"Life needs some kind of humour and fantasy and imagination," Navin told AFP.
"In Thai life, Indian life, we live with colour and humour, people always laughing, smiling. It's very important to me, we can critique something quite seriously but it should also be fun," he said.
Navin's exhibition is a visual kaleidoscope mixing massive murals with short documentary films, sculptures and even a Volkswagen Beetle car hand-painted with characters from one of Navin's fictional love stories.
Chinese communist-style memorabilia fills one section of Navin's exhibition, but Chairman Mao's familiar features have been replaced by the artist himself, substituting a national symbol with one celebrating his name, "Navin".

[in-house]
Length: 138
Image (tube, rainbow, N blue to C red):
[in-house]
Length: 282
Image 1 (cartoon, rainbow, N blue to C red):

"My identity is Navin. For me, I don't want to define myself in any one particular national identity. If people ask me who I am, I say I'm a Thai citizen but my background is Indian," Navin said.
"If you look at my comics, in more than half I'm also one of the characters. My mixed culture can be beyond the nation."